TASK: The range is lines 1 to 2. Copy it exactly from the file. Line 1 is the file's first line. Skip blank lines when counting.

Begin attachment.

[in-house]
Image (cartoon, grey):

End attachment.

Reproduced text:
[in-house]
Image (cartoon, grey):